Today is Portugal Day (Dia de Portugal, de Camões o das Comunidades Portuguesas), Portugal’s National Day celebrated annually. Although officially observed only in Portugal, Portuguese citizens and emigrants throughout the world celebrate this holiday. The date commemorates the death of national literary icon Luís de Camões on 10th June 1580. Camões wrote Os Lusíadas (usually translated as The Lusiads), Portugal’s national epic poem celebrating Portuguese history and achievements. The poem focuses mainly on the 15th-century Portuguese explorations, which brought fame and fortune to the country. The poem, considered one of the finest and most important works in Portuguese literature, became a symbol for the great feats of the Portuguese Empire.
Camões was an adventurer who lost one eye fighting in Ceuta, wrote his epic while traveling, and survived a shipwreck in Cochinchina (a region of present-day Vietnam). According to popular folklore, Camões saved his epic poem by swimming with one arm while keeping the other arm above water. Since his date of birth is unknown, his date of death is celebrated as Portugal’s National Day.
Although Camões became a symbol for Portugal nationalism on his own, his date of death coincided with the Portuguese succession crisis of 1580 that eventually resulted in Philip II of Spain claiming the Portuguese throne, thus cementing the date as symbolic of Portuguese nationalism. Portugal was subsequently ruled by three generations of Spanish kings during the Iberian Union (1580–1640). On 1st December 1640, the country regained its independence once again by expelling the Spanish during the Portuguese Restoration War and making John of Bragança, king John IV of Portugal.
During the authoritarian Estado Novo regime in the 20th century, Camões was used as a symbol for the Portuguese nation. In 1944, at the dedication ceremony of the National Stadium in Oeiras (near Lisbon), Prime Minister of Portugal, António de Oliveira Salazar, referred to 10th June as Dia da Raça (Day of the (Portuguese) Race). The notion of a Portuguese “race” served his nationalist purposes. Talk of race and nationalism together make my blood curdle. Independently they are bad notions; together they are downright evil. At bare minimum they have led to the Holocaust in Nazi Germany and Pol Pot’s genocide in Cambodia, not to mention endless ethnic strife in eastern Europe, Iberia, the Middle East . . . you name it. Despite endless claims to the contrary, and general popular belief (aided and abetted by dubious DNA studies), race is not a demonstrable biological fact. Nations are political facts, and every nation – every nation – is pluralistic. There is always a dominant group, but minorities exist in every single nation on earth.
Portugal Day celebrations were officially suspended during the Carnation Revolution in 1974. Celebrations resumed after 1974 and were expanded to include the Comunidades Portuguesas, Portuguese emigrants and their descendants living in communities all around the world. I am perfectly happy to celebrate a culture’s heritage – especially with food – as long as regionalism, diversity, and pluralism are accepted as realities to be celebrated as well.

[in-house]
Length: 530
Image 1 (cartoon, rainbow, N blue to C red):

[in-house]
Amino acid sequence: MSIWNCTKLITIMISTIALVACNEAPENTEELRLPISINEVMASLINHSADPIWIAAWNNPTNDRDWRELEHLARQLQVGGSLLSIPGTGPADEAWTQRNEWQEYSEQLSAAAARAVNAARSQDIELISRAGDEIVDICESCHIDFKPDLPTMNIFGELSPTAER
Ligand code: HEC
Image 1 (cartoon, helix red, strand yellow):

Here’s a small batch of quotes from Camões to help get in the mood of the day:
Once you experience love, I’m persuaded
you’ll know what I’m on about in my verses.
Love is a fire that burns unseen,
A wound that aches yet isn’t felt,
An always discontent contentment,
A pain that rages without hurting
Since it gives me so much bliss
to give you everything I can
The more I pay you, the more I owe.
I gave you cozido à portuguesa here, http://www.bookofdaystales.com/miracle-sun/ and this should also be a strong contender for Portugal Day. Or you could make caldo verde (green soup), made with onions, potatoes, and kale. It is a favorite of mine (when I can get kale). It is customary to serve the soup with Portuguese sausage and crusty bread to dip in. In different parts of the world, cooks use other greens (such as collards) in place of kale, and they may dice or mash the potatoes in the soup. They may also add chunks of sausage directly in the soup. My recipe is rather precise and specialized (i.e. refined). You do not have to be quite so refined. It is a peasant dish, after all. That also means that you can add as much garlic as you wish (Portuguese cooks are not shy about garlic) and you can deal with the kale and potatoes any way you want.
¼ cup extra-virgin olive oil
10 oz chouriço or linguiça, sliced thin
1 onion, peeled and diced
salt and pepper
2 garlic cloves (or more), peeled and sliced
2 ½ lbs potatoes, peeled and diced
8 cups chicken stock
1 lb kale, thick middle stem removed, and leaves cut into very fine strips
Heat the olive oil in a large pot over medium heat. Add the sausage slices and cook them until lightly browned, 3 to 5 minutes. Using a slotted spoon remove the sausage to a plate. Leave all the fat to flavor the soup.
Put the onions in the pot and sauté them until they are soft. Sprinkle in the garlic and cook for 2 minutes more.
Add the potatoes, cover everything with stock, and bring the soup to a boil. Lower the heat so the soup gently simmers. Cook until the potatoes are almost done, 15 to 20 minutes. Turn off the heat and let the soup cool a little.
When the caldo verde is cool enough to work with, purée it using a wand blender.
Add the kale to the soup, bring everything back to a boil then reduce the heat and simmer for 2 minutes. Season with salt and pepper to taste.
At this point, it’s not a bad idea to cool the soup and refrigerate it overnight. This step always enhances flavor.
When you have the soup heated, serve it in deep bowls garnished with a single slice of chouriço, with the rest of the slices on the side with some crusty bread.